Random Thoughts From A Server IV

I ended last week writing about a very serious topic, but one that I felt needed to be addressed.  I’ve decided that in order to help raise the spirits on this special day that I should add a post to Restaurant Laughs.  I haven’t posted an installment of the “Random Thoughts” series in a few weeks.  Part one, part two, and part three have received wonderful reviews.  Maybe if you like this one, you should go read those.  Better yet, share it with a couple friends.  It might even inspire some random thoughts of your own.  Share those thoughts in comment section below.

That is what an introductory paragraph looks like when I have writer’s block.

People who know the names Ramsey or Bourdain, but not Escoffier or Careme should not be allowed to be food snobs.

When I was younger, everyone who owned a guitar claimed to be a musician.  A few years later, everyone with a turntable was a DJ.  Then everyone with a Mac and copy of Garage Band was a producer.  Now everybody in their mid twenties that owns a martini shaker calls themselves a bartender.

For every really rude table I serve, I wait on several that are actually pretty nice people I would enjoy having a conversation with.  Those ratios are not ever fairly represented in my recounting of my shift after work.

Prom kids are not normally very lucrative, but some of them have been really cool over the years.  I try to give them the benefit of the doubt just in case.

One of my favorite parts of being a server is that I have random weekday afternoons off.  This means that I can buy a season pass to my local amusement park and ride roller coasters all season long without waiting in line.  Take that people with a “real job.”

If there were a yelp page for groupon, I would imagine the reviews would be pretty horrible.  If there was a groupon for yelp, no one would buy it.

I had a lady ask for avocado with her meal.  I told her I would ask the chef if we had any.  She said, “You are a steak house, you have to.”  I still don’t see her logic.

Tonight a guest ordered salmon.  When I asked her how she would like it cooked she said, “Medium well of course.”  A guest at the next table ordered it as well and when asked said, “Medium rare of course.”  This is why I ask…. Of course

I can understand that guests come in dressed more casually than the server uniform at some restaurants.  When they dress worse than the line cooks, I shake my head.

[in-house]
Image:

I am still waiting for a guest to say they refuse to buy a groupon, but demand $40 worth of food for $20.  I wonder if the restaurant owner will realize that they will make twice as much money off this offer.

I am really tired of Yahoo and MSN posting stories about how restaurants try to get you to spend money.  Yes, restaurants do try to get people to buy things.  I am pretty sure that guests know that when they walk in.  What they don’t know is that Yahoo and MSN make their money by selling advertising to companies hoping to reach people dumb enough to not know that restaurants charge money.

Why do people never remember their lunch break is only an hour until 55 minutes of it has expired?

This whole random thoughts series would be more appropriately named “things I thought would be a good facebook status.” 

If it wasn’t for sports bars with 37 televisions, I think the 2 pm rebroadcast on ESPN 8 of the 2003 firefighter challenge championship qualifier from Oklahoma City would have much worse ratings.

 I use this particular event as an example because it was the only time I have ever been on ESPN.  I wasn’t actually visible though because I was in an eight foot tall inflatable mascot costume as “Hootie” the Hooter’s owl.

Two Priests walk into a restaurant fifteen minutes before closing time.  They nurse a bottle of wine for over two hours.  This isn’t the beginning of a joke, but a description of my last shift.

When Stephen Hawking said, “The greatest enemy of knowledge is not ignorance, it is the illusion of knowledge.” I think he was talking about people who watch The Food Network.

When I was a manager for a popular wing restaurant that required their waitresses to wear tiny uniforms, people would ask me, “How do you get them to wear those uniforms?”  I would tell them to come in on Halloween when they got to dress as they wished and find out that for some of the staff the uniform forced them to cover up.

On that note: Happy Halloween.  Go check out some other posts and leave a comment.  See you tomorrow with something reasonably thought provoking.  I need to get back to work on my Moe the Bartender costume.  If you see me tonight, flaming moe’s are on me.


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